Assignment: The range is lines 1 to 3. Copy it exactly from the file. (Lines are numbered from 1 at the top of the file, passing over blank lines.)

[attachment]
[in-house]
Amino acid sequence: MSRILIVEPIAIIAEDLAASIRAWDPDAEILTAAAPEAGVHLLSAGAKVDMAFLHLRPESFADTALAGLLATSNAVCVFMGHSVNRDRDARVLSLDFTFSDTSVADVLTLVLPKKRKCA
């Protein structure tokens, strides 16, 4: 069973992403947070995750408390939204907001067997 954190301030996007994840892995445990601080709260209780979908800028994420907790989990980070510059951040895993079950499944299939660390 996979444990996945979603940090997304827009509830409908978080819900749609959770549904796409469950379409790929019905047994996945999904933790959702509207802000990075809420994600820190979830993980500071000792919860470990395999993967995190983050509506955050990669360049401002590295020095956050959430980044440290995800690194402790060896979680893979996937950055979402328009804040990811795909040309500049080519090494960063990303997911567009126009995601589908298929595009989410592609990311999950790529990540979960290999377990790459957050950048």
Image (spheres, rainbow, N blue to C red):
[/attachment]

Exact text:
[in-house]
Amino acid sequence: MSRILIVEPIAIIAEDLAASIRAWDPDAEILTAAAPEAGVHLLSAGAKVDMAFLHLRPESFADTALAGLLATSNAVCVFMGHSVNRDRDARVLSLDFTFSDTSVADVLTLVLPKKRKCA
């Protein structure tokens, strides 16, 4: 069973992403947070995750408390939204907001067997 954190301030996007994840892995445990601080709260209780979908800028994420907790989990980070510059951040895993079950499944299939660390 996979444990996945979603940090997304827009509830409908978080819900749609959770549904796409469950379409790929019905047994996945999904933790959702509207802000990075809420994600820190979830993980500071000792919860470990395999993967995190983050509506955050990669360049401002590295020095956050959430980044440290995800690194402790060896979680893979996937950055979402328009804040990811795909040309500049080519090494960063990303997911567009126009995601589908298929595009989410592609990311999950790529990540979960290999377990790459957050950048």